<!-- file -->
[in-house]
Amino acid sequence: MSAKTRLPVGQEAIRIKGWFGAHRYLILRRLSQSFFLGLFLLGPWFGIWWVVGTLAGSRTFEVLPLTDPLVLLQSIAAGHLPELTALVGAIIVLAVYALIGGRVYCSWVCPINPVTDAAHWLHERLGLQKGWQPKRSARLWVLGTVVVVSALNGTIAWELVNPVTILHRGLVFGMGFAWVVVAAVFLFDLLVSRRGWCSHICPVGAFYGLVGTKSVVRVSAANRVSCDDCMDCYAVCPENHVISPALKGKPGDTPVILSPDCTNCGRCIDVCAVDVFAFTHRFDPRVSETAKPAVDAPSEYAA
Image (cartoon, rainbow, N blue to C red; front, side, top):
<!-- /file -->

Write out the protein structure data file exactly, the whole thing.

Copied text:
[in-house]
Amino acid sequence: MSAKTRLPVGQEAIRIKGWFGAHRYLILRRLSQSFFLGLFLLGPWFGIWWVVGTLAGSRTFEVLPLTDPLVLLQSIAAGHLPELTALVGAIIVLAVYALIGGRVYCSWVCPINPVTDAAHWLHERLGLQKGWQPKRSARLWVLGTVVVVSALNGTIAWELVNPVTILHRGLVFGMGFAWVVVAAVFLFDLLVSRRGWCSHICPVGAFYGLVGTKSVVRVSAANRVSCDDCMDCYAVCPENHVISPALKGKPGDTPVILSPDCTNCGRCIDVCAVDVFAFTHRFDPRVSETAKPAVDAPSEYAA
Image (cartoon, rainbow, N blue to C red; front, side, top):